It is known that in the state of the art described hereinbefore the estimation of motion between pictures composed of interlaced fields (which pictures are divided into blocks of pixels) comprises two estimations in parallel between which a selection is made for obtaining the optimum motion vector. The first of these estimations consists of a step referred to as searching the motion vector which is most representative of the motion between two frames (or optimum frame vector), and the second estimation consists of a step referred to as searching the motion vector which is most representative of the motion between two fields (or optimum field vector), which step is subdivided into two parallel sub-steps each comprising a first operation of searching the field vector by way of block matching, followed by a second operation of refining this search of the field vector to within half a pixel.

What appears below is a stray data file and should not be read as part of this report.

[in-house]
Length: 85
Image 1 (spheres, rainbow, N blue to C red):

The method according to the invention no longer provides these two estimation steps in parallel, with this method being performed in an autonomous manner, but makes the first step depend on the second step: to this end the step of searching the optimum frame vector is performed subsequent to the operations of searching the field vector and comprises, in cascade, sub-steps for temporally setting half a frame period based on each optimum field vector after block matching, refining the search to within half a pixel and deciding for a selection of the optimum motion vector in accordance with a given criterion. In the circuit for implementing said method, which comprises means for searching on the one side the optimum frame vector and on the other side the optimum field vector (for the latter, by way of block matching and refining to within half a pixel), it is then provided that said means for searching the optimum frame vector are performed subsequent to said means for searching a field vector by way of block matching and comprise means for temporally setting half a frame period based on each field vector obtained by block matching, means for refining the search to within half a pixel and means for deciding for the selection of the optimum motion vector in accordance with a given criterion. This modified method leads to a motion vector which is now only an approximation with respect to a vector obtained in accordance with the parallel method, but the tests which have been realised show that this approximation remains quite satisfactory.